Body Faucet offers up an outlandish infusion of afro-pop, electronica, dance, and anything ‘80s, and it’s guaranteed to get you moving.
Hailed as the runaway success of SXSW, the imminent release of Reptar's first full-length album evoked great anticipation. Renowned for their exuberant live performances, the quartet have produced exactly what was expected of them. But, for a group distinguished by being unpredictable and eccentric, somehow that's not quite enough and they have found themselves tottering on the line somewhere between synth and substance. Produced by Ben Allen, best known for his work with Animal Collective, Body Faucet is cleaner and more consistent than EP Oblangle Fizz Y'all; it's youthful and blindly confident, without even a hint that this is a band still finding their place – they've found their feet and planted them squarely on the dancefloor. Is it revolutionary? No. But dammit, it's catchy.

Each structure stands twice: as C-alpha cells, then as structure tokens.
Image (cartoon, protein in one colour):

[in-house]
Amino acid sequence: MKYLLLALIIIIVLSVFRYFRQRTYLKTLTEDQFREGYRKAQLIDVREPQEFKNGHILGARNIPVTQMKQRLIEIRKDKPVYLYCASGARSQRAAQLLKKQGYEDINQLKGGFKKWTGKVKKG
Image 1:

Opening track Sebastian sets the tone perfectly for the bouncy, pop explosion that carries through the album. Please Don't Kill Me and Houseboat Babies, especially, showcase the percussion and synth riffs that you 'feel in your bones and your feet'. Orifice Origami has all the trademarks of an amazing live track, right down to the synchronised hand clapping. Cue audience participation. Three Shining Suns is uncharacteristically subdued, but perfectly placed to give those bobbing heads and tapping feet a short break before being bombarded once again with the melodious beats of Water Runs. Arguably the standout track of the album, it's simple, fun and just makes you want to dance.
Body Faucet offers up an outlandish infusion of afro-pop, electronica, dance, and anything '80s, and it's guaranteed to get you moving.